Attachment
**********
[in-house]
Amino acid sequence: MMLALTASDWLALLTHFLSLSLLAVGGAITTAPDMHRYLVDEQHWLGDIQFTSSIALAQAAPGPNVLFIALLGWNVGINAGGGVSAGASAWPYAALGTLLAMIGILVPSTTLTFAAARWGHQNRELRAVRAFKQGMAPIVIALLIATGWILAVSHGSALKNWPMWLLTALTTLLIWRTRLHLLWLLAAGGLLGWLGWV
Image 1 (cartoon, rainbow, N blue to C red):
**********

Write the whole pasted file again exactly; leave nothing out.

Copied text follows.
[in-house]
Amino acid sequence: MMLALTASDWLALLTHFLSLSLLAVGGAITTAPDMHRYLVDEQHWLGDIQFTSSIALAQAAPGPNVLFIALLGWNVGINAGGGVSAGASAWPYAALGTLLAMIGILVPSTTLTFAAARWGHQNRELRAVRAFKQGMAPIVIALLIATGWILAVSHGSALKNWPMWLLTALTTLLIWRTRLHLLWLLAAGGLLGWLGWV
Image 1 (cartoon, rainbow, N blue to C red):